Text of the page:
It had been republished in 1994, seemingly given away with an end of year issue of ‘Esquire’, a North American men’s magazine.
I happily absorbed all the low-lights of the author’s young life in Concrete, a small company-town just south of the Canadian border, dominated by a cement factory. 
The reader learns that Jack (as he preferred to be called, after novelist Jack London) needed to drag himself through an upbringing that had all the underhandedness of Spain’s ultra-conservative government and the punishing violence of a month in Syria. 
Punches and kicks at school were the norm and sometimes the same at home with added insults from Dwight, an ornery stepfather who drank to excess whenever he had the money to indulge.
Like plenty of working class women of her era, Jack’s bright and capable mother is shown to be trapped in low paying jobs and a string of abusive relationships. In a sign of what is to come, she and Dwight come back early from their two-day honeymoon “silent and grim, not even looking at each other.”
One of the refreshing things about this autobiography is how honest Wolff is about his own character. 
With the perception of a fine mimic, he picks apart his family and friends but he also openly acknowledges how he uses lies to beef up his status with the locals and how he steals like a modern-day financier. 
Wolff even details the deceptive methods he employed to swindle his way into an (unsuccessful) scholarship interview for an expensive private high school.
Touchingly, the author also explains where he found relief from the daily grind of school and unending chores at home. 
Through music he gained some mental freedom and earning boy scout symbols provided a way to “compel respect, or at least civility from those who shared them and envy from those who did not.”
The official scout publications (where the book’s title comes from) Wolff read with the kind of fanaticism that is common in teenagers. “What I liked about [their] Handbook,” he remembers, “was its voice, the bluff hail-fellow language by which it tried to make being a good boy adventurous, even romantic.” 
The Scout Magazine he reads in a trance, “accepting without question its narcotic invitation to believe that I was really no different from the boys whose hustle and pluck it celebrated...Reading about these boys made me restless, feverish with schemes.”
As you can see, for a book that was first published in the late 1980s its language is pleasingly still rooted in a much earlier post World War II rural USA.
As well as this, Wolff’s work stands out to me because it examines a cross-section of American society that is still badly neglected in English language literature. Today, these are the same gun-carrying people who voted Donald Trump into the White House, in the hope of something better for their receding lives and now dead or dying industries.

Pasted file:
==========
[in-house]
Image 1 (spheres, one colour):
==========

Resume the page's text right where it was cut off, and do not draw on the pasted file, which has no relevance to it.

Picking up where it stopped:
In a recent interview, Tobias Wolff quoted Auden’s line that “writing an autobiography [is] like being a leper showing his sores in the marketplace.” 
He could just as easily have mentioned Flannery O’Connor, who argued that anyone who survives adolescence has enough material to write about.

[This article was first published in Catalonia Today magazine, April 2018.]

Sunday, April 1, 2018

In Barcelona: A victory (and a new brand) for "top manta" street sellers

Photo by: Playground Do]
"The second week of March has been especially tragic for Spain's street vendors after the death by cardiac arrest of Mame Mbaye, of Senegalese origin, after running from the police.

This event contrasts, however, with two hopeful successes: the massive participation in the rallies in solidarity with Mbaye and the success of a crowdfunding campaign to finance a project that seeks to improve the living conditions of the collective in Barcelona: its own commercial brand, Top Manta [meaning “top blanket,” referring to the blankets on which many street vendors display their wares].
The project has been launched by the Trade Union of Street Vendors in Barcelona, an association formed by migrants hailing from various countries in Africa who have found a form of subsistence in street vending because of the administrative obstacles to working under the requirements of the law.
Under the slogan “Surviving is not a crime,” the Union was created in 2015 as “a way to support [themselves] in the face of the harshness of selling in the street day to day, and as a way to defend [themselves] in the face of institutional racism, persecution, and criminalization.”
Preceding the creation of the Union and the Top Manta brand is over a decade of fighting, self-organization, and construction of solidarity networks.